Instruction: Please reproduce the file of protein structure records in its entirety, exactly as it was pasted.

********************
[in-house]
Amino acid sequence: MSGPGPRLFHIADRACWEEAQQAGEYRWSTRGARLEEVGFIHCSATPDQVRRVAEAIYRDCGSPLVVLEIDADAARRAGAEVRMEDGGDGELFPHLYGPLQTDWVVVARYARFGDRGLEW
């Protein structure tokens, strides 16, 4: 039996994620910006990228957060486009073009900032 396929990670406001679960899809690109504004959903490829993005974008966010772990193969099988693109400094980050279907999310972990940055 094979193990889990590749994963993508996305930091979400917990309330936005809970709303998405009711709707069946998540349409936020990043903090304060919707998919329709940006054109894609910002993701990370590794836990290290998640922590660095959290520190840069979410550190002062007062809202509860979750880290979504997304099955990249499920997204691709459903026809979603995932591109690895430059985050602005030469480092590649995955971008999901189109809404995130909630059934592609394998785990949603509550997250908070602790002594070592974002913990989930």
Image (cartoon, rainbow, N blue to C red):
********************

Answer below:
[in-house]
Amino acid sequence: MSGPGPRLFHIADRACWEEAQQAGEYRWSTRGARLEEVGFIHCSATPDQVRRVAEAIYRDCGSPLVVLEIDADAARRAGAEVRMEDGGDGELFPHLYGPLQTDWVVVARYARFGDRGLEW
């Protein structure tokens, strides 16, 4: 039996994620910006990228957060486009073009900032 396929990670406001679960899809690109504004959903490829993005974008966010772990193969099988693109400094980050279907999310972990940055 094979193990889990590749994963993508996305930091979400917990309330936005809970709303998405009711709707069946998540349409936020990043903090304060919707998919329709940006054109894609910002993701990370590794836990290290998640922590660095959290520190840069979410550190002062007062809202509860979750880290979504997304099955990249499920997204691709459903026809979603995932591109690895430059985050602005030469480092590649995955971008999901189109809404995130909630059934592609394998785990949603509550997250908070602790002594070592974002913990989930």
Image (cartoon, rainbow, N blue to C red):